Well, I unplugged for the weekend for some much needed R&R.
Kelly and I went down to San Marcos and worked some on our house there to get it ready to rent and spent a lot of time playing in our kayaks on the river which was awesome. Right before I left I had an appointment with Craig to discuss some health symptoms I was having and he looked at me and told me "build kapha" meaning, "restore yourself, rest and replenish" and made it a point to tel me to do it now before the heat of the summer kicks in or I will be in bad shape in a few months. So I rested a lot this weekend, stayed in the water, took my new herbs and ate a lot. (whole milk, ghee, that kind of thing.) I even took a nap! Building kapha is not so bad, I guess. He and I also talked a lot about how important it is, if you are sweating a lot- which I have been these last two months- not just to drink water but to replace the fluids with electrolytes of some kind- like coconut juice. Or what happens is you start washing away your minerals, etc. and muscle recovery is hindered, which is what I was experiencing. Once again, it is not just the heat that is the issue as much as it is how we cope with it that is the important thing.
So- a change of scenery was really great for me. I had so much fun playing on the water and hanging out down in San Marcos again. Of course, I came home with a huge list of things I have to do but well, most of it is fun stuff or will result in fun stuff so not too big of a deal really. I was actually struck by how much kayaking is like yoga. I mean the thing with playboating as opposed to kayaking a river on a trip, is that there really is no reason to do it other than it is fun. I mean there you are on a river in a perfectly good boat and you just turn yourself around in the current, head into a wave and try to surf and spin and do some tricks. Truly, no good reason other than to have fun. To play. To take delight in the experience. In Anusara Yoga philosophy we call that the Ananda Principle. (Why does Shiva dance? No good reason other than for the fun of it.)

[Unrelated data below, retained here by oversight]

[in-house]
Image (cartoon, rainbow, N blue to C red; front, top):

Now here is a cool thing thought- it is not fun to surf a wave if you have no boat control, if you have no skills. If you do not know how to roll, for instance, and your boat gets tipped upside down then you are not only not having fun but you are in a potentially life-threatening situation. And learning to roll takes a fair amount of time. And it is frustrating and boring and repetitive and while you are learning it, there is usually not a lot of this "Ananda Principle" going on. But there is a thrill that happens- a true experience of empowerment- when you learn how to do this roll. When, after practicing in what feels like vacuum for hours and hours- ALL OF A SUDDEN you can right yourself in the water. Practice is like that, isn't it? "All of a sudden" after weeks, months or years of trying...you can do something in one moment that in the last moment you could not do. And then the doors to the sport open.